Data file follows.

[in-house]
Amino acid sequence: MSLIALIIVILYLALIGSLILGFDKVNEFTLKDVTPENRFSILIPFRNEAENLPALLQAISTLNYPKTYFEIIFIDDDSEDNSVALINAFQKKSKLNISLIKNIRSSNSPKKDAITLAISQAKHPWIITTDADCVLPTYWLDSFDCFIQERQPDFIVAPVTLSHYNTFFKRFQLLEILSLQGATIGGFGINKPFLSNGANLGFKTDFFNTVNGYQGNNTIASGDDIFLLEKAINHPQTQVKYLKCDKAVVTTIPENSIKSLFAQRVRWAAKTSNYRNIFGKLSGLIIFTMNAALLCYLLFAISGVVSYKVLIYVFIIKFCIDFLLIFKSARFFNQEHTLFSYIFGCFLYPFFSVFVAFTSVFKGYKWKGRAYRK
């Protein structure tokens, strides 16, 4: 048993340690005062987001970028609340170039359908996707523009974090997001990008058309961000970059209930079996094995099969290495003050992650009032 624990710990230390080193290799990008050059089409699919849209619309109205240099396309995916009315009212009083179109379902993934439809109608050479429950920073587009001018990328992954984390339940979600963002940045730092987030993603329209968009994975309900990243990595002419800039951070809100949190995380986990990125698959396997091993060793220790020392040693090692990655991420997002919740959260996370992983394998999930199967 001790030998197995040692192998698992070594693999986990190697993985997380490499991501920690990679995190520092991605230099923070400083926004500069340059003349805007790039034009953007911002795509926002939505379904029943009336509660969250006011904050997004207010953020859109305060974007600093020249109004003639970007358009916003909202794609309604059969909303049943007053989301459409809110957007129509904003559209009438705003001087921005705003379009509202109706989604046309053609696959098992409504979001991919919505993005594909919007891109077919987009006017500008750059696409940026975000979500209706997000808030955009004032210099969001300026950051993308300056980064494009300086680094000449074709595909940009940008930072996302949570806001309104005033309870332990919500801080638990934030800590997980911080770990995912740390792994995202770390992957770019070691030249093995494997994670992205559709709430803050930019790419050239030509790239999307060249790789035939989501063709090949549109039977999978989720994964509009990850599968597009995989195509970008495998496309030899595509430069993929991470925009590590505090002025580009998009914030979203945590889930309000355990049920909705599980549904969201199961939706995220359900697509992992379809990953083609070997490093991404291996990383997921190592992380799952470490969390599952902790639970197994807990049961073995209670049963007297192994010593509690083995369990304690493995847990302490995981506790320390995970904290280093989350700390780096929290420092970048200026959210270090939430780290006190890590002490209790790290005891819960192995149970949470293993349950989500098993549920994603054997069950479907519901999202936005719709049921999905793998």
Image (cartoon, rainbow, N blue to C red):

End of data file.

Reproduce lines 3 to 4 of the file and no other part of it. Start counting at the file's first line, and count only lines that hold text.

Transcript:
């Protein structure tokens, strides 16, 4: 048993340690005062987001970028609340170039359908996707523009974090997001990008058309961000970059209930079996094995099969290495003050992650009032 624990710990230390080193290799990008050059089409699919849209619309109205240099396309995916009315009212009083179109379902993934439809109608050479429950920073587009001018990328992954984390339940979600963002940045730092987030993603329209968009994975309900990243990595002419800039951070809100949190995380986990990125698959396997091993060793220790020392040693090692990655991420997002919740959260996370992983394998999930199967 001790030998197995040692192998698992070594693999986990190697993985997380490499991501920690990679995190520092991605230099923070400083926004500069340059003349805007790039034009953007911002795509926002939505379904029943009336509660969250006011904050997004207010953020859109305060974007600093020249109004003639970007358009916003909202794609309604059969909303049943007053989301459409809110957007129509904003559209009438705003001087921005705003379009509202109706989604046309053609696959098992409504979001991919919505993005594909919007891109077919987009006017500008750059696409940026975000979500209706997000808030955009004032210099969001300026950051993308300056980064494009300086680094000449074709595909940009940008930072996302949570806001309104005033309870332990919500801080638990934030800590997980911080770990995912740390792994995202770390992957770019070691030249093995494997994670992205559709709430803050930019790419050239030509790239999307060249790789035939989501063709090949549109039977999978989720994964509009990850599968597009995989195509970008495998496309030899595509430069993929991470925009590590505090002025580009998009914030979203945590889930309000355990049920909705599980549904969201199961939706995220359900697509992992379809990953083609070997490093991404291996990383997921190592992380799952470490969390599952902790639970197994807990049961073995209670049963007297192994010593509690083995369990304690493995847990302490995981506790320390995970904290280093989350700390780096929290420092970048200026959210270090939430780290006190890590002490209790790290005891819960192995149970949470293993349950989500098993549920994603054997069950479907519901999202936005719709049921999905793998």
Image (cartoon, rainbow, N blue to C red):